Bible Stats

A poster from Slingshot Publishing, which has a lot of familiar information, some problematic information (which ones can you spot?), but some things that are probably new to anyone who happens to read this. Is there anyone out there who already knew (or knew better than) all the details on this infographic?

  • http://selfawarepatterns.com/ SelfAwarePatterns

    Interesting. The problematic ones that immediately jump out to me is the 66 books and 40 authors stats. 66 books are in the Protestant Bible, but Catholics and Orthodox recognize more. I suspect the 40 authors stat relies on traditional attributions rather than scholarly consensus. For instance, the Pentateuch is usually attributed to Moses but was likely written by at least four authors.

  • Ian

    Some oddities

    - We are told it is the Word of God approximately 2500 times. (!)
    - Paul wrote 13 (the note that Hebrew’s authorship is disputed !)
    - 40 Authors generally.
    - 66 Books (which canon?)
    - 10 commandments (which numbering scheme?)

    I’ve no idea about the facts, like whether it is the most shoplifted, or how many Gideon’s bibles have been placed. But from the ‘facts’ I do know, it seems like the authors weren’t very concerned with accuracy. Another of those cases where it would be good to be able to add a big [citation needed] marker!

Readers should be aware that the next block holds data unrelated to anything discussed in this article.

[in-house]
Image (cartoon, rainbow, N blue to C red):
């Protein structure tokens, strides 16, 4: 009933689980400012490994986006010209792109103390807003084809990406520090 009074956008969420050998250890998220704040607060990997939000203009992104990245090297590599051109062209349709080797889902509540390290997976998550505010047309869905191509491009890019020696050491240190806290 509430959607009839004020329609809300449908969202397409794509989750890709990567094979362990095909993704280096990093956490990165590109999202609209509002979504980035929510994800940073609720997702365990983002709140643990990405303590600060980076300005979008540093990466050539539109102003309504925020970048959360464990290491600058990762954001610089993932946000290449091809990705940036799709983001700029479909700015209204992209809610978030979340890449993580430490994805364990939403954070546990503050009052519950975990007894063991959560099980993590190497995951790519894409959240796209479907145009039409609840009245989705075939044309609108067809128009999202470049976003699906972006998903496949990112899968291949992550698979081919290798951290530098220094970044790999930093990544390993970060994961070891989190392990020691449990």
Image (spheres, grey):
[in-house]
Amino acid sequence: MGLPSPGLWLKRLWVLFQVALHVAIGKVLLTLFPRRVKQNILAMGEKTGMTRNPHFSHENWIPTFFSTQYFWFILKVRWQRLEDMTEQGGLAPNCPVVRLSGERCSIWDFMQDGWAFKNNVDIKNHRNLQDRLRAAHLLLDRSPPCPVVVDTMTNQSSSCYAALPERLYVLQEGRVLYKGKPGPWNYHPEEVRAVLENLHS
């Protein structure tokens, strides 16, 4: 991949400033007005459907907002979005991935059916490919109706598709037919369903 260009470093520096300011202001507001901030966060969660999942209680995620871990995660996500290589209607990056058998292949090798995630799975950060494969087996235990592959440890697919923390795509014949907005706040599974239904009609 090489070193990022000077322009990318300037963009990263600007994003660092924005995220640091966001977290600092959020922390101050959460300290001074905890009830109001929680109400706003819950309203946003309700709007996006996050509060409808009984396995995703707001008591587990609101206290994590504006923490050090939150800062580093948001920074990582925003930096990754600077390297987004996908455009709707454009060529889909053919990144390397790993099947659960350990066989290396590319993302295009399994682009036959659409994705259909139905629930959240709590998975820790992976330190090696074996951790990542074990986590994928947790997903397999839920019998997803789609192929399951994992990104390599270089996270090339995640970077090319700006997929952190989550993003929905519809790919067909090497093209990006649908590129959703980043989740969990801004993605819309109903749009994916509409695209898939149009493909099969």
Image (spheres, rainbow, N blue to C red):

• Alan Christensen

      I’m guessing the 2500 figure is the number of times the phrase “the word of God” (or “the word of the Lord”?) appears in the Bible (66-book Protestant canon, of course). I’m unaware, though, of any passage that equates “the Bible” with “the word of God.”

      • Ian

        That was my guess too. Seems a little high, even then, but I think it has to be that the assumption that “Word of God” only ever refers to the bible (!)

    • Paul D.

      Yeah, I noticed all those too. Also, Goliath is not 9½ feet tall in the older manuscripts (LXX/DSS), and cats appear in Baruch/Letter of Jeremiah.

  • sbh

    The alleged Voltaire quotation is fake. It appears to have been derived from an unsupported claim made by the American Bible Society in 1849: “Voltaire, elated by the rapid progress of infidel principles in his day, predicted, that, in the nineteenth century, the Bible would be known only as a relic of antiquity.” (The Christian Examiner and Religious Miscellany, November 1849, p. 403.) No such claim by Voltaire has been produced.

  • http://againstjebelallawz.wordpress.com/ Enopoletus Harding

    Lions are mentioned in the Bible; are these not cats?

    • Alan Christensen

      BOOM!

  • Chris Spinks

    Of course an editor would notice this first thing: it should be AD 1238 not 1238 AD.


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